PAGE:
Shopping Spree

After selling half its stake in Alibaba last year, Yahoo currently owns 23 percent of the Hangzhou, China-based online marketplace, which could hold an IPO in Hong Kong this year. Alibaba’s value probably doubled in the past year to about $80 billion, according to Brian Weiser, an analyst at Pivotal Research Group LLC.

Emboldened by proceeds of the Alibaba sale, Mayer embarked on a shopping spree that comprised at least 17 companies, including her $1.1 billion purchase of blogging platform Tumblr Inc., as well as mobile-application makers Stamped Inc. and Jybe Inc. and Summly Ltd., the news-reading application created by teenager Nick D’Aloisio. Earlier this month, Yahoo paid about $70 million for Xobni Corp., a maker of contact-management software, two people said at the time.

The acquisitions have created confusion for some marketers, who are still unclear about whether to shift their spending to ads on Tumblr and Yahoo’s other new properties, said Rob Norman, chief digital officer of media agency GroupM, which works with Yahoo advertisers including Volkswagen AG. GroupM is the media planning and buying division of WPP Plc, which also owns MEC.
Ad Strategy

“The acquisition strategy is either not especially clever or too clever for me,” Norman wrote in an e-mail. “I am negative on Tumblr, as I don’t believe it’s truly social.”

Mayer discussed a restructuring of the sales staff on a conference call with analysts in January. The initiative, led by Chief Operating Officer Henrique de Castro, will create sales teams that serve all clients in a particular industry, such as consumer-packaged goods, Mayer said.

“Customers felt it was sometimes confusing and cumbersome to do business with us,” Mayer said in January. “Looking at our sales organization through the eyes of our clients, we aligned into a solutions focused team that offers a single point of contact for each customer.”
Investor Doubt

While Mayer takes time to hone her pitch to advertisers, Google and Facebook are winning Yahoo’s business. Yahoo’s share of the $17.5 billion market for display ads, its core business, will slip to 7.9 percent in 2013 from 9.2 percent last year, estimates researcher EMarketer Inc. Google will climb almost three percentage points to 18 percent, while Facebook will increase about two points to 17 percent, EMarketer said.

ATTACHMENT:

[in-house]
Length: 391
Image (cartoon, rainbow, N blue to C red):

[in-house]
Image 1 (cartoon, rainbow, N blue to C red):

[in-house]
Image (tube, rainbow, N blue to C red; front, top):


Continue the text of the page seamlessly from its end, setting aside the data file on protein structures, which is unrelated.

Part of the advantage those two rivals have accumulated is in mobile ads, where Yahoo has yet to create a compelling offering to marketers, said Clark Fredricksen, vice president at New York-based EMarketer.

“Yahoo appears to have a ways to go before it can stand side by side with Google and Facebook in the mobile space,” Fredricksen said in an interview.

Skepticism of Mayer’s strategy is also reflected in the options market, where investors are betting that Yahoo shares are more likely to decline in the coming months. Puts protecting against a 10 percent drop in Yahoo shares cost 3.67 points more than calls betting on a 10 percent gain, according to one-month data compiled by Bloomberg.

“Increasingly, investors are going to want to see some top-line growth,” said Kevin Stadtler, president of Fort Worth, Texas-based Stadtler Capital Management LLC, who manages $16.3 million in assets, including Yahoo shares. “You’ve acquired a number of properties -- let’s see some revenue growth.”

Ask Matt: Is Google stock unstoppable?

Originally Appeared in USA TODAY

USA TODAY markets reporter Matt Krantz answers a different reader question every weekday. To submit a question, e-mail Matt at

Q: Is Google and its stock unstoppable?

A: Apple stock is dead money. Yahoo is trying to get its mojo back. And Facebook is struggling with investors.

While the other titans of mobile communication and the Internet labor, investors can't get enough of Google. The company has effectively leveraged its dominance in online search to push into the faster-growing and emerging area of mobile access.

Google provides the Android operating system to smartphone makers for free, creating a vehicle that allows Google to bundle its search engine and get a leg up in mobile search.

Google's move into mobility isn't being lost on investors. Google's stock is rising almost as quickly as Apple's is falling. But even with Google's 31% rise this year to $924.69 a share, the stock is still rated "outperform" by the average Wall Street analyst. Analysts are calling for the company's earnings to grow by nearly 16% this year.

But it's often when companies seem unstoppable — as Google does now — that something unforeseen can hit. At a valuation of 28 times its trailing earnings, Google is not only more pricey than the market but pricier than some of its top rivals: Microsoft at 18 and Apple at 10.